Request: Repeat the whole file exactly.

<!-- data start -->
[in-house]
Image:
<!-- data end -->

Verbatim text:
[in-house]
Image: